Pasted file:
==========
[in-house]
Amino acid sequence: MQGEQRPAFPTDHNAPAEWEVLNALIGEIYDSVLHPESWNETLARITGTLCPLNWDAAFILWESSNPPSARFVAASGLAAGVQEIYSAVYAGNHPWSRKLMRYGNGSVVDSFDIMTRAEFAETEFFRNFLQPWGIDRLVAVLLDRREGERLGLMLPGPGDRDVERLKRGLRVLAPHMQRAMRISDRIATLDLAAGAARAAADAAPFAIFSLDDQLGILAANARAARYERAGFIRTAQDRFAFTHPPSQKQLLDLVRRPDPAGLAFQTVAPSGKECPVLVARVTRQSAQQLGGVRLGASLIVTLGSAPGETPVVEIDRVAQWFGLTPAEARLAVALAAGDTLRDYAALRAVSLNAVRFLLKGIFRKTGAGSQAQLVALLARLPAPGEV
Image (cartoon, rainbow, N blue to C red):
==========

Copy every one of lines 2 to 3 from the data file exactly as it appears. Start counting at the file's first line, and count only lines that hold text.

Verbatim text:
Amino acid sequence: MQGEQRPAFPTDHNAPAEWEVLNALIGEIYDSVLHPESWNETLARITGTLCPLNWDAAFILWESSNPPSARFVAASGLAAGVQEIYSAVYAGNHPWSRKLMRYGNGSVVDSFDIMTRAEFAETEFFRNFLQPWGIDRLVAVLLDRREGERLGLMLPGPGDRDVERLKRGLRVLAPHMQRAMRISDRIATLDLAAGAARAAADAAPFAIFSLDDQLGILAANARAARYERAGFIRTAQDRFAFTHPPSQKQLLDLVRRPDPAGLAFQTVAPSGKECPVLVARVTRQSAQQLGGVRLGASLIVTLGSAPGETPVVEIDRVAQWFGLTPAEARLAVALAAGDTLRDYAALRAVSLNAVRFLLKGIFRKTGAGSQAQLVALLARLPAPGEV
Image (cartoon, rainbow, N blue to C red):